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October 18 , 2019

  • ​Economic Shudders

    The global economy is slowing due to the US-China trade war, and gloomy forecasts show that 2019 global growth will grind to its slowest pace since the 2008-2009 financial crisis. As the world sits at the brink of a global recession, the International Monetary Fund says that a joint removal of trade war tariffs would stem economic losses and output would rebound. 

    China's economy is one of the main sufferers, as it grows at its slowest pace in three decades. The trade war and U.S. tariffs are just one of a host of problems facing China's growth prospects, as the automotive sector contracts, real estate slows, and a swine fever epidemic continues to plague China's pigs. 

    Meanwhile, a "Phase 1" trade deal between the US and China is nearing completion, as negotiators in both countries nail down a mutually beneficial deal for the two Presidents to sign next month at the APEC Summit. US Treasury Secretary Mnunchin said that the deal would include protection for US companies from intellectual property theft, a charge that Beijing has denied. More negotiations are likely in the cards, as Beijing wants Washington to cancel a planned tariff hike in December, as well as one for this week.   



  • ​A House United

    The U.S House of Representatives passed a "pro-democracy" bill in favor of the Hong Kong protests that have convulsed the city for months. The bill, called the Hong Kong Human Rights and Democracy Act, affirmed American support for the protesters' demands, and would end the city's special trade status if Hong Kong isn't found to be sufficiently autonomous. The move irked Beijing, who called it "arrogant and dangerous." The bill also called for the US president to place economic and travel sanctions on people who abuse human rights in Hong Kong. China's Foreign Ministry Spokesperson Geng Shuang said that if the "act were to become law, it would not only harm China's interests and China-US relations, but would also seriously damage US interests."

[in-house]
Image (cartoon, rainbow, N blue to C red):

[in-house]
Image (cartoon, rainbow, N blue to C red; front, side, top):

On the other side of the Pacific, Speaker Nancy Pelosi said, "If America does not speak out for human rights in China because of commercial interest, then we lose all moral authority to speak out for human rights anyplace in the world." After passing the House with a rare showing of broad bipartisan support, it will now move to the Senate, where it will likely pass before being presented to President Trump to sign before it becomes law.


  • ​Strategic Outpost

    Residents of Tulagi, an island in the Solomon Islands that was once the seat of British colonial rule in the Pacific, have learned that an agreement has been signed to lease their island to Chinese firm China Sam Enterprise Group, and it will likely be developed into a Special Economic Zone. According to media reports, the firm has secretly negotiated the exclusive rights to develop the island, as well as its surroundings, which may also benefit China's economic, military, and political goals.

    Washington views the island archipelago as essential for curbing Beijing's ambitions in the region and keeping sea routes open, and officials are deeply concerned that the island could be used as a military post. This news follows the Solomon Islands' severing of ties with Taipei, in favor of stronger China relations. 

    When asked about the leasing, Foreign Ministry Spokesman Geng Shuang said that while he had no knowledge of the situation, "the Chinese government encourages Chinese enterprises to conduct overseas business cooperation in accordance with market principle and international rules and on the basis of abiding by local laws."

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About China This Week

Prepared by China-US Focus editorial teams in Hong Kong and New York, this weekly newsletter offers you snap shots of latest trends and developments emerging from China every week, while adding a dose of historical perspective.

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